Impact of vaccination on 14 high-risk HPV type infections: a mathematical modelling approach.

Vänskä S, Auranen K, Leino T, Salo H, Nieminen P, Kilpi T, Tiihonen P, Apter D, Lehtinen M - PLoS ONE (2013)

Transmission Model Structure for a Single HPV Type.The vertical flow corresponds to changes in the epidemiologic states susceptible (S), infectious (I), recovered (R), and vaccine-protected (V). The flow from left to right corresponds to an increasing lifetime partner number (n). The arrows describe possible transitions between different states: 1. Acquisition of a new partner without acquiring infection; 2. Acquisition of a new partner with acquiring infection (primary force of infection); 3. Acquisition of infection from the current partner (secondary force of infection, for n >0 only); 4. Clearance of infection; 5. Waning natural immunity; 6–7 and 10. Acquisition of a new partner for infected, recovered, and vaccine protected; 8. Take of vaccine protection; 9. Waning vaccine induced protection. The formulae for all transition rates are presented in File S1.
© Copyright Policy
Related In: Results  -  Collection

Show All Figures
getmorefigures.php?uid=PMC3756967&req=5

pone-0072088-g003: Transmission Model Structure for a Single HPV Type.The vertical flow corresponds to changes in the epidemiologic states susceptible (S), infectious (I), recovered (R), and vaccine-protected (V). The flow from left to right corresponds to an increasing lifetime partner number (n). The arrows describe possible transitions between different states: 1. Acquisition of a new partner without acquiring infection; 2. Acquisition of a new partner with acquiring infection (primary force of infection); 3. Acquisition of infection from the current partner (secondary force of infection, for n >0 only); 4. Clearance of infection; 5. Waning natural immunity; 6–7 and 10. Acquisition of a new partner for infected, recovered, and vaccine protected; 8. Take of vaccine protection; 9. Waning vaccine induced protection. The formulae for all transition rates are presented in File S1.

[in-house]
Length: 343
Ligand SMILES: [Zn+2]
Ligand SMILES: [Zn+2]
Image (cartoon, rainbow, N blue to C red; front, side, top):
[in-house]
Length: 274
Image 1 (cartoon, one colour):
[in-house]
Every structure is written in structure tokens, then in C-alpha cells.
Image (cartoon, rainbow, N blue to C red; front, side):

Mentions: Figure 3 presents the structure of the transmission model for a single hrHPV type (for formulae, see Table S4 in File S1). The force of infection was divided into primary and secondary components, according to whether infection is acquired from a new partner or from the current one who has sex with someone else (secondary contact). The importance of the secondary force of infection was controlled with a weight parameter γ, which describes the intensity of individuals making secondary contacts.

Bottom Line: The analysis disclosed the important role of persistent infections in hrHPV epidemiology, provided further evidence for a significant natural immunity, and demonstrated the dependence of transmission probability estimates on the model structure.In males, the reduction will be 42% in the hrHPV prevalence solely by the herd effect from the 80% coverage in girls.On the other hand, any herd effects in older unvaccinated cohorts were minor.

View Article: PubMed Central - PubMed

Affiliation: Department of Vaccination and Immune Protection, National Institute for Health and Welfare (THL), Helsinki, Finland. simopekka.vanska@thl.fi

ABSTRACT
The development of high-risk human papillomavirus (hrHPV) infection to cervical cancer is a complicated process. We considered solely hrHPV infections, thus avoiding the confounding effects of disease progression, screening, and treatments. To analyse hrHPV epidemiology and to estimate the overall impact of vaccination against infections with hrHPVs, we developed a dynamic compartmental transmission model for single and multiple infections with 14 hrHPV types. The infection-related parameters were estimated using population-based sexual behaviour and hrHPV prevalence data from Finland. The analysis disclosed the important role of persistent infections in hrHPV epidemiology, provided further evidence for a significant natural immunity, and demonstrated the dependence of transmission probability estimates on the model structure. The model predicted that vaccinating girls at 80% coverage will result in a 55% reduction in the overall hrHPV prevalence and a higher 65% reduction in the prevalence of persistent hrHPV infections in females. In males, the reduction will be 42% in the hrHPV prevalence solely by the herd effect from the 80% coverage in girls. If such high coverage among girls is not reached, it is still possible to reduce the female hrHPV prevalence indirectly by the herd effect if also boys are included in the vaccination program. On the other hand, any herd effects in older unvaccinated cohorts were minor. Limiting the epidemiological model to infection yielded improved understanding of the hrHPV epidemiology and of mechanisms with which vaccination impacts on hrHPV infections.

Show MeSH
Related in: MedlinePlus